This creates a problem in particular for those involved in archaeology outside of Pompeii. Ester Lunardon is an archaeologist and activist with the association Mi Riconosci, which has criticized the Park’s communication line at several times. According to Lunardon, the most critical point of Pompeii’s communication is one in particular: By making people believe that intact is synonymous with extraordinary, with important, she explains, we do serious damage to archaeology, distorting people’s view of the subject. Many relevant or exceptional archaeological discoveries are related to minimal traces or fragments. Those on construction sites know this; often the ordinary people one deals with have the feeling that larcheologists are making up the importance of the find, perhaps a row of stones or a dirt road, because they have images of intact painted elevations in their minds. But larcheology is much more, and it has a duty to explain it, in simple, effective language, but without harmful shortcuts.

These are not doubts proper only to those who are not Pompeianists. For Luciana Jacobelli, an archaeologist who has worked in Pompeii for about thirty years, tying her name to the excavation of the suburban baths, Pompeii is a dream for every archaeologist, it is a context where almost intact structures can be found everywhere, where the lapilli exceptionally preserve the paintings. Precisely for this reason, however, every new excavation, rather than being aimed at providing sensational finds to the newspapers, should be included in a path of maintenance, preservation and enlargement of our historical archaeological knowledge. Moreover, he adds, these news launches have not been accompanied by scientific publications, but only by short reports, which do not allow archaeologists around the world to get their own idea of the context based on the available data. Hardly the painting of a rooster found in Pompeii, after 270 years of excavation, in and of itself can give anything to archaeological research: in Pompeii, it would be far more sensational to find nothing, than to find environments and structures already known in abundance. During our phone conversation, Jacobelli points out a fact that struck her during the documentary Pompeii: Ultima Scoperta, which aired on Dec. 27 and was at the center of controversy over the choice of a French production that excluded RAI. The documentary aired moments of fake archaeological excavation, for the use of cameras, in which newly found intact objects were extracted from the lapilli without having them documented and photographed: an act that no archaeologist, and we are sure not even Massimo Osanna, would ever perform, and which Jacobelli compares to the fake excavations set up in the 18th century by the Bourbons on the occasion of diplomatic visits. Images that certainly do not help the public understand the job of the archaeologist.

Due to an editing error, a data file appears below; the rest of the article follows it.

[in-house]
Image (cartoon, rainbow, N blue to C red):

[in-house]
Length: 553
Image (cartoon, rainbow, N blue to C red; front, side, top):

Another aspect is clear in Noviello’s and Lunardon’s analysis: by calculating on the relevance of Pompeii, which already has a media advantage over all other sites because of the history and nature of the site, one ends up taking away the breathing space and visibility of sites that are less well-known but no less relevant to the history of Italy and Europe. Sites where a photograph is often not enough to excite the reader, but which are able to tell stories and help the public unravel the complexity of human societies of the past. I believe that sites with high media visibility should help the discipline, and I fear that instead they hinder it in this way, Lunardon concludes.

Il termopolio scoperto nel 2019. Ph. Parco Archeologico Pompei
The thermopoly discovered in 2019. Ph. Pompeii Archaeological Park

Massimo Osanna in collegamento il 17 gennaio 2021 su Rai Tre (Che tempo che fa) dal termopolio rinvenuto nel 2019